You’re playing the Puerto Rico Indie Fest soon. Do you still feel rooted when you go over there? Ever since At the Drive In and The Mars Volta, you’ve had a big following in Puerto Rico. What’s that reception like now when you go back? Does it feel like home or home away from home? Or foreign?

It feels like going back to the mother ship, you know? I’ve been away from it for so long…it’s sort of when you see a true friend that you haven’t seen in a long time. It’s never awkward, even if you haven’t seen them for 10 years, when you have a true connection with someone you pick things up as if you’ve never left. The majority of my fan base is still in Puerto Rico, my older brother is still in Puerto Rico. That’s where my spirit is. I don’t get to go back that often and I’m way more surrounded by the Mexican culture. I live in Mexico and my wife is Mexican. My fans are Mexicans or chicanos. And so I go back after I’ve taken on the Mexican dialect and I use a lot of words that don’t exist in Puerto Rican dialect. My family is always making fun of me, saying I’m a wannabe Mexican. And the Mexicans always make fun of me because of my Caribbean accent. There’s always that struggle, or that need, to find your place within any structure. The closest structure, or the home structure.

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I’M NOTHING AND THAT ALLOWS ME TO BE EVERYTHING.

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You’re a Mexi-Rican! You just mentioned your wife and we’re obviously huge fans of Ximena [Sariñana]. What is it like collaborating with her, she does come on stage and collaborate with you a lot. What is that dynamic like?

What’s it like? It’s like…oh what’s it like…it’s like when you sit down and you eat food. It’s like when you decide to walk from one point to another. It’s like when you’re thirsty and you drink water. It’s like when you have a thought and then you speak.

So it feels natural?

Yeah, it’s nothing special. It’s something and yet it’s nothing special. I try to explain it this way and I think people misunderstand me because of the word “special.” What I try to get out is that I feel like it was always there and that’s the way that it’s supposed to be. This is what I mean by saying we eat and it’s nothing special. But if we don’t eat we die. And we drink water and it’s nothing, but water is the most amazing, wonderful drink you can have. That’s how it feels to work with her, to be with her, to be around her, and to know her. It’s absolutely nothing special, it’s exactly what it’s supposed to be.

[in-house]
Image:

telesterionTell me about Telesterion, it’s coming out on Record Store Day [April 16th]. It’s kind of a beast of an album.

Telesterion is a compilation album. It happened because our distributer in Japan came up with the idea. He said, “I’d like to put something together where they [fans] can go and check out the different music, a lot of people are overwhelmed because there are so many records and they don’t know where to begin. I’d like to make a record where they can go check out the different music and within the record you can see where the songs came from, and then you can decide which of the albums you like.” I thought that was a good idea and everybody on this side of the river thought it was a good idea. I had very little to do with it, I didn’t choose the songs. I have no perspective on those types of things, but I understood the concept quite well. It seemed completely pragmatic and a smart thing to do, so we did it. For me it wasn’t a normal record, I didn’t have very much of my hands in it. It was more of a record about me, than a record by me.

Which is flattering, I’m sure.

Yeah, it’s pretty cool.

I wanted to ask you about “Calma Pueblo” with Calle 13. What was that collaboration like and where did it stem from?

That was like most, if not all, things in my life, very natural. It just happened. I’ve known those guys for a long time, obviously them being my paisanos and from tour. It happened that I was on the island because my grandfather was turning 100 years old and we were making a party for him. And then I got the track from Eduardo [Visitante], but I was flying home the next day. He told me to feel free to do whatever I wanted to do but they needed it by tomorrow night. So I sent it out the next morning. It was very spontaneous.

Tribeca is coming up and I remember you had The Sentimental Engine Slayer screening last year. Do you have any plans to film anything new?

We made another film in Juárez [El Divino Influjo de los Secretos] for the fall festival season, and we shot another, Los Chidos, in Guadalajara.

If you weren’t a musician or a filmmaker or an artist of any sort, what do you think you’d be?

People see me playing guitar and call me a musician but I don’t relate to musicians. I love to cook but I’m not a chef. I take pictures but I’m not a photographer. I’m nothing and that allows me to be everything. I’m not a musician. This is only one calling to awaken to the truth of everything, to become perfect again. By Paola Capo-Garcia  

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Omar Rodríguez López’s Telesterion comes out April 16th on Record Store Day.